Black Americans With Common Heart Condition Face Double The Risk Of Stroke Compared To White People
Black Americans with the heart condition atrial fibrillation are nearly twice as likely to suffer stroke, heart failure and coronary heart disease as their white counterparts, according to a new study from University of Pittsburgh professor Jared Magnani.
The finding is based on data from a 30-year study of more than 15,000 people in four communities: Forsyth County, N.C.; Jackson, Miss.; suburbs northwest of Minneapolis, Minn. and Washington County, Md.
“Atrial fibrillation is the most commonly encountered clinical heart rhythm problem,” Magnani said. “The atria or the top chambers of the heart beat irregularly … This irregularity and chaotic heart rhythm causes blood to clot or pool inside the atrium (and) this can case a stroke.”
According to the Centers for Disease Control and Prevention, approximately 9 percent of Americans over age 65 have atrial fibrillation, or AFib. Magnani said one in four people will develop the condition by age 80.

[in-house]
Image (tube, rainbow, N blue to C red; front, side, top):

The CDC also states on its website that “African Americans are less likely than those of European descent to have AFib” but Magnani said that could be due to under-diagnosis related to the underlying causes of broader health disparities between the two racial groups.
The study did not identify the cause of the disparity in adverse outcomes between black and white Americans with AFib, but Magnani said he does not believe it is due to biological or physiological differences. Rather, he said the disparity is likely due to systemic issues such as access to care, health literacy and the unconscious biases of providers.
“Multiple studies have shown that blacks with atrial fibrillation are less likely to receive the essential anti-coagulation (drug) to reduce the likelihood of stroke,” he said. “That’s a clear example of a racial disparity.”
Magnani called the study a “first step” in acknowledging racial disparities in AFib patients.
“Now the fundamental work has to begin, which is to dissect the mechanisms and to begin to address those disparities,” he said.